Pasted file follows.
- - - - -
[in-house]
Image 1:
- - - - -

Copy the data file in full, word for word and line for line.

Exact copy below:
[in-house]
Image 1: